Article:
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Lipman v. Rutgers-The State University of New Jersey

April 04, 2000

MATTHEW A. LIPMAN, PLAINTIFF-APPELLANT,
V.
RUTGERS-THE STATE UNIVERSITY OF NEW JERSEY, DEFENDANT-RESPONDENT



Before Judges Carchman, Lefelt and Lintner.

The opinion of the court was delivered by: Lefelt, J.S.C., (temporarily assigned).

NOT FOR PUBLICATION WITHOUT THE APPROVAL OF THE APPELLATE DIVISION

Argued March 1, 2000

On appeal from the Superior Court of New Jersey, Law Division, Bergen County.

Plaintiff Matthew Lipman filed a declaratory judgment action against Rutgers University School of Law-Camden, after Rutgers determined that he was an out-of-state student subject to significantly higher tuition than that accorded New Jersey students. Lipman sought a declaration that he was domiciled in New Jersey and, therefore, entitled to in-state student tuition. The trial judge evaluated Rutgers' domicile decision de novo, and granted the University summary judgment, concluding that Lipman was a Pennsylvania domiciliary. Lipman appealed. We affirm the judgment despite our conclusion that the arbitrary, capricious or unreasonable review standard should have been utilized.

Because the proper appellate review standard is at issue, the following facts are divided between those used by Rutgers to determine Lipman's domicile, and those developed during the declaratory judgment proceeding.

The Facts Rutgers Considered

Lipman was born in Summit, New Jersey on July 10, 1975. He lived in Parsippany for two years until his parents moved to 292 Cornwall Road, Glen Rock, New Jersey. Lipman was raised in Glen Rock and graduated from the local high school in June 1993. He then attended the University of Pennsylvania in Philadelphia, and graduated in May 1997. During his first three years at the University of Pennsylvania, Lipman lived in an on-campus dormitory. During his senior year, he lived in an off-campus house with several classmates. Lipman also worked part-time in Philadelphia from May 1996 through June 1997. During his college years, Lipman would return to his parents' home in Glen Rock during semester breaks, holidays, and summer vacations.

Upon graduation from college, Lipman left his off-campus housing and returned to Glen Rock. Lipman had previously applied to and been accepted by Rutgers Law School-Camden. After consulting with the law school admissions director, Lipman decided to live off-campus because he believed Camden would be easily accessible via mass transit. Therefore, in August 1997, he rented an apartment at 2129 Pine Street in Philadelphia. The lease term was September 1, 1997, until June 30, 1998, with automatic month-to-month renewal thereafter.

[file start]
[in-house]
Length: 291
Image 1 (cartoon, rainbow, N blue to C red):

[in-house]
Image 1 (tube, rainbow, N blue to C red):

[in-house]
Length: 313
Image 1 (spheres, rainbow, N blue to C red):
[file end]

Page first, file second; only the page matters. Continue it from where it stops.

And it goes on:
On August 25, 1997, shortly after classes began, Lipman completed a change of address form to advise Rutgers of his new "local" Pine Street, Philadelphia address. In this form, Lipman maintained that his permanent address was his parents' Glen Rock residence. Two days later, based on Lipman's change of address form, Rutgers preliminarily changed his tuition status to out-of-state or non-resident. Then, in October 1997, Rutgers billed Lipman for additional tuition due to his re-classification as a non-resident.

Lipman appealed Rutgers' decision. On October 28, 1997, he filed a Residency Analysis Form, in which he relied on his parents' status as New Jersey residents to support his position that he remained domiciled in New Jersey. Lipman also pointed out that he had a New Jersey driver's license, was registered to vote in New Jersey, and maintained New Jersey bank accounts. However, Lipman disclosed that he did not file a tax return with New Jersey in 1996 or 1997. Lipman also revealed that he was completely financially dependent on his parents.

On November 17, 1997, Lipman's initial internal appeal was denied. The only explanation provided was that "[a]fter reviewing your Residency Analysis Form and accompanying materials, it has been determined that you are a Non Resident." Lipman pursued the matter with the Director of Graduate and Professional Admissions. In this appeal, Lipman indicated that "[s]ince I resided in Philadelphia while going to Penn, I felt comfortable continuing to live in the city while attending Rutgers. . . . it appears to be irrelevant what my residency status is, since I am still a dependent of my parents, who, like myself, are longtime New Jersey domiciliaries." This appeal was also denied on December 12, 1997. The denial letter explained:

The residency of your parents is irrelevant. New Jersey Administrative Code 9A:9-2.6 considers graduate or professional students to be independent students. Consequently, residency for tuition purposes is based upon your own, not your parents domicile. Since your residence is in Pennsylvania, you do not qualify for New Jersey tuition rates.

Lipman filed his final appeal at Rutgers with the Vice-President for University Budgeting. In addition to attaching copies of his prior appeals, Lipman wrote a four page single-spaced letter setting forth his arguments. On page three, he indicated that his domicile and permanent residence was Glen Rock. Lipman explained that by renting a local apartment in Philadelphia while attending Rutgers, he was not abandoning his Glen Rock residence, but was merely adding a second residence. He stated, "[t]he small apartment that I maintain in Philadelphia strictly is temporary, and for this reason I have a month-to-month arrangement. I do not understand how this can be considered my permanent home." Lipman further explained that he now understood ...


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